It is our opinion that one of the many reasons why Nigerians aren't as civic minded, or for lack of a better word -can't be bothered to stand up and fight for their rights- is that our heroes (those who have had the courage to stand up against/call out injustice and wrongdoing in the public sphere, and who most times lose their lives in the struggle (Kudirat Abiola, Ken Saro-Wiwa, Alfred Rewane, to name a few)) are all too quickly forgotten...Nigerians forget too easily, or maybe we just don't remember publicly (besides the casual naming of a road here and there).
Whatever the case, this is our way of making sure WE don't forget...
An older friend suggested recently that one way of combating Nigerians' chronic short-term memory is to take out an ad in the newspaper or on the radio, and celebrate a local/national/personal hero every so often. "Let others know what they did for Nigeria and why they should be remembered...teach the new generation." Well, seeing as we don't have the financial resources/access to do that right now, we'll start the easy way...on THE AFRO BEAT. We'll call it "The Afro Beat Remembers..."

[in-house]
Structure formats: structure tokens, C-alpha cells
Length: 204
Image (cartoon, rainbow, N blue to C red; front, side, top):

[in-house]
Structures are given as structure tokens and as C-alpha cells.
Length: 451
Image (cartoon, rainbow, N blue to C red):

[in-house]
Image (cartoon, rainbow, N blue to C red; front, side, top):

Once a week (if we can keep our act together), we'll put the spotlight on a Nigerian who deserves recognition/"remembrance" for something progressive that they've done for Nigeria. Dead or Alive, we'll remember.
Please send us any names you might have, and better still, an article, or a few words about what this person has done. This will be a forum to appreciate/recognize their achievements (specifically those relevant to Nigeria's (or their community's) progress. In any case, let's celebrate our heroes people!
P.S, It could be your mama/papa/friend's mama/baby's mama :)/a social entrepreneur you've heard is doing amazing things, whoever ...let's just celebrate the positive that's going on in the midst of the confusion and harsh reality in the country.